The Lottery Corporation has called for an exemption from looming gambling reform which seeks to prevent punters from gambling with credit cards due to the “low harm nature” of lotteries.
The $10 billion lotteries giant urged the Senate in a submission lodged on Tuesday to uphold recommendations to exempt lotteries from the Interactive Gambling Amendment Bill and allow customers to continue buying scratchies with credit cards.
The Lottery Corporation is the only gambling group to lodge opposition to being included in the credit card ban, with former parent company Tabcorp, Sportsbet and gambling lobby group Responsible Wagering Australia all submitting support for the proposed amendment.
The federal government brought forward legislation to ban online betting companies from accepting credit cards following the recent parliamentary inquiry into online gambling harm which recommended a ban. Punters who visit casinos or use poker machines are already prevented from using a credit card to make a bet.
The Australian Banking Association said it welcomed the policy change to bring online gambling in line with in-venue gambling and said the onus should be on the wagering providers to implement the ban.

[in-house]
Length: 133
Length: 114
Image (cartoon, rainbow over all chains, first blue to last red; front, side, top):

The government is still considering a swathe of other recommendations following the inquiry. These include banning inducements across the sector and the phased outlawing of online gambling advertisements, to the outrage of sporting, racing and media bodies.
The Lottery Corporation’s chief executive, Sue van der Merwe, said the credit card ban carve-out would prevent “negative impacts” on newsagents and other retailers, despite overwhelming support from anti-harm bodies including Financial Counselling Australia.
“The [inquiry] committee’s recommendations reflected the finding that lotteries have a lower harm profile and recommended that lotteries are exempt from a ban on online gambling service providers of wagering, gaming and other gambling services from accepting payment by credit cards, including via digital wallets,” said van der Merwe.